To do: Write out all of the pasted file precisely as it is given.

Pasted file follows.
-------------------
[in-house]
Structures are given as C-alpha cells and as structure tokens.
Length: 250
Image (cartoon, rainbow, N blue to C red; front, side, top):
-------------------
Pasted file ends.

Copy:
[in-house]
Structures are given as C-alpha cells and as structure tokens.
Length: 250
Image (cartoon, rainbow, N blue to C red; front, side, top):